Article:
- Rangeet River
- Rangpo River
- Rongli River
- Lachen Chu
- Lachung Chu
- Dikchu River
Major Projects on Teesta River
The Teesta River has been used for different projects to generate electricity and support agriculture. Here are some important projects related to the Teesta River:
- Teesta-V Dam: This dam in Sikkim produces clean energy by using the flow of the River. It can generate 60 megawatts of electricity.
- Teesta Stage III and IV Hydropower Projects: These projects in Sikkim are being developed to generate electricity from the Teesta River. Stage III is expected to produce 1,200 megawatts, while Stage IV is expected to produce 520 megawatts.
- Teesta Low Dam Project: This project in West Bengal involves building a barrier across the Teesta River. It aims to use the river’s water for farming, controlling floods, and generating power.
- Teesta Barrage Project: Located in Bangladesh, this project controls the flow of this River. It includes building a barrier and canals to manage water for farming.
- Teesta River Basin Management Program: India and Bangladesh work together on this program to manage the water resources of the Teesta River. They share information and coordinate to use the river’s water efficiently.
India-Bangladesh Water Sharing Dispute
The water-sharing dispute between India and Bangladesh revolves around the equitable distribution of water from various rivers, including the Teesta River. This contentious issue has been a cause of concern between the two neighboring countries for several years. The primary point of contention is the allocation of water from the Teesta River. Bangladesh claims that it has not been receiving its fair share of water during the dry season, affecting its agriculture and overall water security.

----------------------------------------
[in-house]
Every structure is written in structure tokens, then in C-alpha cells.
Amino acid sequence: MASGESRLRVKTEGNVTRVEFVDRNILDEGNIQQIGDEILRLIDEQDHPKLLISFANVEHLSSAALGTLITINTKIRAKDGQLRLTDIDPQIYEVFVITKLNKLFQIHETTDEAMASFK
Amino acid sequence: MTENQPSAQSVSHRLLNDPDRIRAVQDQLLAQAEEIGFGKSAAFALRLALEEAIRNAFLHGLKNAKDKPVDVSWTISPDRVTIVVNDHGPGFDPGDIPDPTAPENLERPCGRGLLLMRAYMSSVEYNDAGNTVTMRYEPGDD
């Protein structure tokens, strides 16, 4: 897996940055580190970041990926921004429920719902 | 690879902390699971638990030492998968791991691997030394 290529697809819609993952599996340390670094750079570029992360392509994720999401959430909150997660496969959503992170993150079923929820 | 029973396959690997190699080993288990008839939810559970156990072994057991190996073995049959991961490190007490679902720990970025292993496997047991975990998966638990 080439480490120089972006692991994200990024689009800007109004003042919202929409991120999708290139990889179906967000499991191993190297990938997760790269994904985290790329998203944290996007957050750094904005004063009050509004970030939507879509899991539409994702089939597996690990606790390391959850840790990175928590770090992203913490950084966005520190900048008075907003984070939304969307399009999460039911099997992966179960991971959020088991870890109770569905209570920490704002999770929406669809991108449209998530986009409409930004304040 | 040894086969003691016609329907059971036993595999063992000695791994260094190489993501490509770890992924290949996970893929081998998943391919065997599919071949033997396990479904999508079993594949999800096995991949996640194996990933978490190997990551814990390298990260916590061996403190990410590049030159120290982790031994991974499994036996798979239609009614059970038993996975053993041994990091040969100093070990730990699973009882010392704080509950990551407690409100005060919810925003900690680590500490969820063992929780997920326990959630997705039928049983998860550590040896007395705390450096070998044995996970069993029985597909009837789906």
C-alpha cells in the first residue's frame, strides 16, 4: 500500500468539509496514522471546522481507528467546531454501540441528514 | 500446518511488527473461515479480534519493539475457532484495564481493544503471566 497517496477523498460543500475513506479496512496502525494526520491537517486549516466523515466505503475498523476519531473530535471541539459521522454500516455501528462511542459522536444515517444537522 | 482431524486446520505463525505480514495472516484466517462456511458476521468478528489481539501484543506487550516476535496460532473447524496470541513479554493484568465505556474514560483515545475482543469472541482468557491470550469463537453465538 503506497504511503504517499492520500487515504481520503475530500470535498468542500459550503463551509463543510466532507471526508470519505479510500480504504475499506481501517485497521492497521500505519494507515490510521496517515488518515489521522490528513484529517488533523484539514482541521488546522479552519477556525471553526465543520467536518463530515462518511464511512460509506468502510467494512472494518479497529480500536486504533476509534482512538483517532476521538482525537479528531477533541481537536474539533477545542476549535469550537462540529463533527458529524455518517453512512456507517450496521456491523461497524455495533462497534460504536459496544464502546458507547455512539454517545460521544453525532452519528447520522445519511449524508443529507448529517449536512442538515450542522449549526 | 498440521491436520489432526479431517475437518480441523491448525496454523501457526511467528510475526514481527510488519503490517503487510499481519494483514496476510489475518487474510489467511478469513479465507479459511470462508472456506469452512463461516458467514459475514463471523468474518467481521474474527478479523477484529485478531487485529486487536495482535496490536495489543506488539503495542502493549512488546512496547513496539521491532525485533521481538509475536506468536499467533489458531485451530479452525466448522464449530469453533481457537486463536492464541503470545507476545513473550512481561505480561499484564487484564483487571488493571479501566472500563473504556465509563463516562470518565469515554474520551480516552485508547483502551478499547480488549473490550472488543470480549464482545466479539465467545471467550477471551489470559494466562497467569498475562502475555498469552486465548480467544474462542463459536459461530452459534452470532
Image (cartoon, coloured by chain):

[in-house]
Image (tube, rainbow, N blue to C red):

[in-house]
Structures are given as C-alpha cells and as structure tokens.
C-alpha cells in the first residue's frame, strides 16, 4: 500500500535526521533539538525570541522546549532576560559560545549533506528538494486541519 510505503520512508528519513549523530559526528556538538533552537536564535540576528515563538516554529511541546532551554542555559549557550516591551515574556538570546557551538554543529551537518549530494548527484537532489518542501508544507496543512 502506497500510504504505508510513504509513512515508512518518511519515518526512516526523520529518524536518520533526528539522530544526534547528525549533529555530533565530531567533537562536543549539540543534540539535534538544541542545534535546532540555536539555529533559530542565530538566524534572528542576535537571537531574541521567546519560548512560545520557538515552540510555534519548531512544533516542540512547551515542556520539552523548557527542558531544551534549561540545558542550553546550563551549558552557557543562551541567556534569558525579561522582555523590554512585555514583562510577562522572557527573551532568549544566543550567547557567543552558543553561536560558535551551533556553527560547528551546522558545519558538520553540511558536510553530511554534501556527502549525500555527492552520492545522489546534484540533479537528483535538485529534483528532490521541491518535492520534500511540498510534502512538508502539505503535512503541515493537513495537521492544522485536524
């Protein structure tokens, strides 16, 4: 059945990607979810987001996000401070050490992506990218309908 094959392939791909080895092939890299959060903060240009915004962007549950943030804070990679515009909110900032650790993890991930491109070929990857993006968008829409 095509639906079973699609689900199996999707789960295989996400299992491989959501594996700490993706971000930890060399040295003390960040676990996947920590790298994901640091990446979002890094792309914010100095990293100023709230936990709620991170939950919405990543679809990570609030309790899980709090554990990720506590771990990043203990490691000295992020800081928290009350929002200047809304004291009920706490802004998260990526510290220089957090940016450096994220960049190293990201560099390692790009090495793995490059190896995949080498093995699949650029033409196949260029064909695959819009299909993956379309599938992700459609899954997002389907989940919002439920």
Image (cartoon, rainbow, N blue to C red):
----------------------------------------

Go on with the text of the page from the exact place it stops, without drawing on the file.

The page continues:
Negotiations & Agreements
Establishment of the Joint River Commission (JRC) -1972: In 1972, India and Bangladesh established the Joint River Commission (JRC) as part of the Indo-Bangla Treaty of Friendship. The JRC aimed to facilitate discussions and cooperation on water-related issues, including the sharing of river waters.
Ad-Hoc Sharing Agreement for Teesta Water – 1983: In 1983, an agreement was reached for the ad-hoc sharing of Teesta River water between India and Bangladesh. This agreement was valid until the end of 1985 and provided a temporary framework for sharing the water resources of the Teesta River.
Revised in 1984: Revised Share for Bangladesh Based on the hydrological data assessed in 1984, the Joint River Commission (JRC) revised Bangladesh’s share of the Teesta River water, increasing its allocation. This adjustment was made to ensure a more equitable distribution of water resources between the two countries.
Bangladesh’s Teesta Barrage Project – 1998: In 1998, Bangladesh initiated the construction of the “Teesta Barrage” irrigation project. This project aimed to harness the waters of the Teesta River for irrigation purposes, allowing for three cropping seasons per year and enhancing agricultural productivity in the region.